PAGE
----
The values of migrants in Europe are more affected by their host country than by the country where the migrants were born and raised. In other words, the sociocultural environment migrants live in changes their value systems, Maksim Rudnev, a Senior Research Fellow in HSE’s Laboratory for Comparative Studies in Mass Consciousness, said in the study ‘Value Adaptation among Intra-European Migrants. The Role of Country of Birth and Country of Residence’.
Poverty in Russia is particularly difficult to overcome since it is very heterogeneous. The Russian poor include groups as diverse as villagers who do not seem to fit into the post-industrial environment, low-skilled workers, university professors, and parents of young children. Each category of the poor requires a separate approach and a different type of state support, according to HSE Professor Nataliya Tikhonova and Associate Professor at the Faculty of Economics, Vasiliy Anikin.
Generally, Russian businesses are fairly resistant to external shocks. Many enterprises have not only survived the 2008 crisis, but have increased their market share since then. Major companies with foreign owners and those investing in restructuring and modernisation have a better chance of success, according to Boris Kuznetsov, Professor at the Department of Economic Analysis of Organizations and Markets and co-author of the study 'The impact of industrial strategies on resilience to external shocks and on the post-crisis development trends'.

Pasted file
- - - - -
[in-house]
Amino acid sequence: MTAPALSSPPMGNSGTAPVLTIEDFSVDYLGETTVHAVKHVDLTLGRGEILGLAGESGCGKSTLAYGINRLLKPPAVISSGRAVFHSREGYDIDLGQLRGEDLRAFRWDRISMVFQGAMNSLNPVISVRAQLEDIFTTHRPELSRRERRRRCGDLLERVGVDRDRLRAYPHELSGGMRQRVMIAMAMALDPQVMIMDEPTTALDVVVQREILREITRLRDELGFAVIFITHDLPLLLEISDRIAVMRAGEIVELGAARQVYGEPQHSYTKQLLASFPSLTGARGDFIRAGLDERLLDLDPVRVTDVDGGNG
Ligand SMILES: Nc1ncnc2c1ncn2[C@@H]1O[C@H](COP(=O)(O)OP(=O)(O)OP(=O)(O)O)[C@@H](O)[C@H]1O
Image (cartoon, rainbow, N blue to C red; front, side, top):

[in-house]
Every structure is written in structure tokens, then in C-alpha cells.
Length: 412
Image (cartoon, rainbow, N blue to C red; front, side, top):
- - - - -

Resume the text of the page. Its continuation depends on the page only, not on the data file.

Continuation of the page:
Family is a more significant institution for Russians than it is for residents of a number of other European countries. Amid ongoing demographic modernization – the liberalization of marriage and the emancipation of women – ideas are still popular in Russia concerning the necessity of a stable union, procreation, and the mostly familial function of women, according to Marharyta Fabrykant, Junior Research Fellow with HSE’s Laboratory for Comparative Studies in Mass Consciousness.
Most Russian company owners invest in the continuing education of their employees, but not all of them. The lucky ones are 10-20% of all staff. Such spending looks risky even though the return on it is high. Continuing education increases salary by 8% on average, which is an indirect sign of the same improvement in the labour productivity of the educated staff, Pavel Travkin, Junior Research Fellow at the HSE Laboratory for Labour Market Studies, found.